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ALN Kenya | Anjarwalla & Khanna recently represented a taxpayer before the Tax Appeals Tribunal (the Tribunal) in an appeal on whether product gains on petroleum products should be subjected to additional duties and levies.
The Tribunal held that:
Due to the nature of petroleum products, OMCs in the global oil and gas industry experience product gains and losses during the storage, handling and transportation of petroleum products. In Kenya specifically, the key product gains and losses are:
The Tribunal’s decision is a relief for OMCs from whom Kenya Revenue Authority (KRA) has been demanding payment of additional duties and levies for product gains on petroleum products arising post importation, resulting in double taxation of petroleum products.
Facts of the Case
The Commissioner of Investigations and Enforcement (the Commissioner) in a review decision demanded payment of additional duties and levies amounting to approximately KES 9.9 billion (principal tax) on product gains arising from KPC gains, temperature gains, hospitality gains and storage and terminal gains. Aggrieved by the review decision, the taxpayer lodged an appeal to the Tribunal against the decision of the Commissioner.
The key issues for determination on appeal were:
Whether Duties and Levies Should be Assessed on Product Gains on Petroleum Products
The Tribunal held that there was no basis for levying additional duties and levies on the product gains since the duties and levies on the petroleum products had been paid at the point of importation.
The duties and levies payable on imported petroleum products are import duty, excise duty, road maintenance levy (RML), import declaration fee (IDF), petroleum development levy (PDL) and petroleum regulation levy (PRL).
The Tribunal held that the tax point for payment of these duties and levies with regard to petroleum products is at the point of importation when the petroleum products are entered for home use and measured at 20 degrees Celsius (20°C), a process which takes place prior to the release of the petroleum products from the customs area to the OMCs. The Tribunal highlighted that petroleum products are only released to the OMCs after payment of the applicable duties and levies.
The Tribunal’s finding was based on the following legal provisions:
The East African Community Customs Management Act, 2004 (EACCMA)
Section 120 of EACCMA which provides that import duty shall be paid at the rate in force at the time when the goods liable to such duty are entered for home consumption.
The Excise Duty Act, 2015 (EDA)
Sections 6(4) of the EDA which provides that excise duty on petroleum products imported for home use shall be paid at the point of importation or at such other time as may be specified by the Cabinet Secretary by Notice in the Gazette. Section 4(2) of the EDA defines the time of importation for excisable goods cleared for home use as the time of customs clearance.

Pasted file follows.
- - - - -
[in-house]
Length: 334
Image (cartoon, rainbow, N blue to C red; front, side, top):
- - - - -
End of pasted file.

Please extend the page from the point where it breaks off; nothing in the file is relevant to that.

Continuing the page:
Prior to enactment of the EDA, which came into force in 2015, payment of excise duty was regulated by the Customs and Excise Act (Cap 472 of the Laws of Kenya) (CEA). Section 124 (1) of CEA provided that excise duty shall be paid at the rate in force when the goods liable to excise duty are entered for home use.
The Customs and Excise (Petroleum Oils) (Excise Regulations), 2005 (the Petroleum Oils Regulations) which were enacted under the CEA but were still in force at the commencement of the EDA since no subsidiary legislation had been made under the EDA, made provision for assessment and payment of taxes on petroleum products upon release by Customs.
The Road Maintenance Levy Fund Act (Act No 9 of 1993) (RML Fund Act)
Section 5 of the RML Fund Act levies a road maintenance levy on petroleum products at the time of importation.
The Miscellaneous Fees and Levies Act, 2016 (MFLA)
Section 7(1) and (2) of the MFLA provides for the levying of an import declaration fee on all goods, including petroleum products, imported into the country for home use.
The Petroleum Development Levy Order (L.N. 28/2006) (the Order)
The Order provides for payment of a petroleum development levy on all petroleum products consumed in Kenya. The Third Schedule to the Order prescribes the rate of the levy for the petroleum products measured at a temperature of 20°C.
The Energy (Energy Regulatory Commission Petroleum Levy) Order, 2014
Petroleum regulation levy is payable on five petroleum products (Petroleum Motor Sprit (PMS), Regular Motor Sprit (RMS), Automotive Gas Oil (AGO), Dual Purpose Kerosene (DPK) and Industrial Diesel Oil (IDO) consumed in Kenya at a rate prescribed in the order for petroleum products measured at a temperature of 20°C.
Tax Treatment of Product Gains and Product Losses on Duty Paid Petroleum Products
Based on the finding that there was no legal basis for levying additional duties and levies on product gains on duty paid petroleum products, the Tribunal held that product gains should be dealt with under the Income Tax Regime which levies income tax on the gains and profits of a business.
Taxes can only be levied based on clear and specific provisions of the law. However, KRA has been demanding payment of additional duties and levies by OMCs on product gains arising on duty paid products even though the laws provide that the tax point is at the point of importation. The Tribunal’s decision is a welcome relief to OMCs who have previously been required to pay additional duties and levies for product gains on duty paid petroleum products.
The effect of the Tribunal’s judgement is that KRA is now stopped from demanding payment of additional duties and levies on product gains on duty paid petroleum products.
Margaret Muchoki – Associate